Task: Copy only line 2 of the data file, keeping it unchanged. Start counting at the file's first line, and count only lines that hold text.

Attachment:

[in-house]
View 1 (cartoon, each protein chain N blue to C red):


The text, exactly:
View 1 (cartoon, each protein chain N blue to C red):